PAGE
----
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Monday, February 11, 2013

Kentucky Legislature Tackles Tough Issues In Short Session: Soft Drinks And Beer Cheese.

Kentucky legislature tackles tough issues: soft drinks and beer cheese
Written by Joseph Gerth

It’s good to know the Kentucky House of Representatives is keeping its eye on the ball.

The state’s pension programs are a gazillion dollars in the red, the Kentucky’s antiquated tax system can’t keep up with the needs of the commonwealth and the state’s legislative districts have been out of whack for a year longer than they should have been.

Many problems like this won’t be addressed during the short 2013 session of the Kentucky General Assembly because, legislators say, there’s just not enough time.

So, in steps state Rep. Donna Mayfield, R-Winchester, to show that the really important things can still be addressed. Even in a 30-day legislative session.

Important things like soft drinks and beer cheese.

Really. It’s 2013 and Kentucky’s legislature still hasn’t declared that Clark County is the home of beer cheese. Oh, the humanity.

Now, I must say that I don’t know a whole lot about this subject.

I know plenty about beer and enough about cheese. But Mayfield’s legislation doesn’t include a lot of “what-fors” and “whereases” as many of these naming bills do, to explain why beer cheese is important.

But the Beer Cheese Festival Website tells me it was first served in a Clark County restaurant owned by John Allman back in the 1940s.

Mayfield also wants to name Ale-8-One the official “Kentucky original soft drink.” If you haven’t spent a lot of time in central Kentucky, its a locally-produced ginger ale since 1926.

No wonder Kentucky trails all but a few other states in virtually every metric that matters (thank you, Mississippi and Alabama) if its taken us this long to pass such significant legislation.

We can put a man on the moon, but we can’t name Ale-8-One the official something or other?

We have a state wild animal game species, state horse, state fruit, state flower, state rock and state soil. State soil? Crider soil series.
I don’t know why.

Legislators approved a state gemstone, state rock, state mineral, state tree, state arboretum and state dance. It’s clogging, if you need to know.

There is the state botanical garden, official state science center, state honey festival, state musical instrument, state song and state bluegrass song. Blue Moon of Kentucky, as you might expect.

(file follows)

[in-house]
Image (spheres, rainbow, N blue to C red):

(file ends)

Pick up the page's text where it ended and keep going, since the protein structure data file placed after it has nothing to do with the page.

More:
We have a state music, state theater pipe organ, a state outdoor musical, a state center for African-American Heritage and a state latin motto, which, seems to be in violation of the state’s aforementioned official language, which is english.

The Corvette is the state’s official sports car even though the vast majority of Kentuckians couldn’t afford one. There’s a state Shakespeare festival, a state commonwealth theater, a state amphitheater, and a state tug-o-war championship. That’s in Fordsville.

There is the state covered bridge capital, a state steam locomotive, a state bourbon festival and a state silverware pattern: Old Kentucky Bluegrass — The Georgetown Pattern. You can’t buy it at Macy’s. In fact, I can’t find anywhere where you can buy it.

Not to be outdone, but Rep. Reggie Meeks, D-Louisville,eeee has filed House Bill 56, which would make the Kentucky long rifle the official gun of Kentucky. Shouldn’t Russ Smith, the University of Louisville guard be named the “official gun” of Kentucky?

But I digress.

In his years heading the state House State Government Committee, former Rep. Mike Cherry, D-Princeton, did a pretty good job of killing such bills.

He’s retired now and Rep. Brent Yonts, D-Greenville, is now running the committee. We’ll see if he kills the bills like Cherry did, or lets them fly as past committee chairmen have obviously allowed.

If Yonts holds votes on such bills, I have an idea. How about an official state waste of time?

Surely, I jest. Kentucky really has outdone itself in “naming” bills, which are largely used to pat ourselves on the back when we can’t claim credit for great schools, the welfare of our children or high wages for our workers.

We have a state language, state bird, state agriculture insect, state fossil, state butterfly and a state drink. The drink, by the way, is milk. Not bourbon. Figure that?

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